By Margaret Ramirez chicagotribune.com May 29, 2011
With prayer, song and calls for freedom, dozens of Puerto Rican
community members and human rights activists gathered today to mark
the 30th year in prison for Puerto Rican nationalist Oscar Lopez
Rivera and called for his release.
Lopez Rivera, now 68, is a gray-haired vestige of a long-gone era in
America, when a group known as the F.A.L.N. (Spanish for the Armed
Forces of National Liberation) fought for Puerto Rico's independence
from the U.S.
More than a dozen FALN members were convicted and imprisoned in the
1980s on various charges including seditious conspiracy and armed
robbery. In 1999, President Bill Clinton granted clemency to nearly
all the prisoners and released them.
Lopez Rivera, who is serving a 70-year sentence in a federal prison
in Terre Haute, Ind., is now the last remaining Puerto Rican prisoner.
In recent months, the National Boricua Human Rights Network and other
activists have launched a national campaign to urge President Barack
Obama to commute his sentence. In addition to a prayer vigil and
rally in Chicago, events were also held in New York, Los Angeles,
Cleveland, Philadelphia and Puerto Rico.
At the Sunday prayer service held at Lincoln United Methodist Church
in Chicago, the prisoner's sister, Zenaida Lopez, said her brother
has done his time and should be allowed to come home.
In addition to his sister, Lopez Rivera has a daughter, Clarissa, who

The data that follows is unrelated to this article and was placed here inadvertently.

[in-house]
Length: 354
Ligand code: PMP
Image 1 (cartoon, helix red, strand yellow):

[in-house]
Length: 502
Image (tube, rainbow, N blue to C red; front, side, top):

lives in Puerto Rico and a granddaughter, Karina, who is a student at
the University of Chicago.
"There's one thing that's forgotten in this struggle -- and it's that
Oscar is human," Zenaida Lopez said. "He's a brother. He's a father.
He's a grandfather. He's a son. He's loved deeply by his family.
"We have to struggle to see that he is released, so that he becomes
part of the family once again. It is our dream. It is our hope. It is
something that we talk about every single day.
Also at the prayer service, two activists, Michael Reyes and Matt
McCanna arrived after completing a 10-day, 200-mile walk from the
federal prison in Indiana to Chicago.
The FALN was involved in a series of bombings in New York and
Chicago, including the 1975 bombing of the Fraunces Tavern in
Manhattan that killed four and injured more than 60 others.
Lopez was not convicted for a role in the Tavern incident.
In the Puerto Rican community, Lopez Rivera, a Vietnam War veteran
and community organizer, is widely regarded as hero. But, others view
him as an unrepentant terrorist.
Those opponents said his release would send the wrong message about terrorism.
In February, the U.S. Parole Commission denied Lopez Rivera parole
and released a statement that said: "We have to look at whether
release would depreciate the seriousness of the offenses or promote
disrespect for the law, whether release would jeopardize public
safety and the specific characteristics of the offender."
Even so, his attorney Jan Susler, remains hopeful of his release. She
noted that three previous U.S. presidents have commuted sentences of
Puerto Rican prisoners including presidents Harry Truman, Jimmy
Carter and Clinton.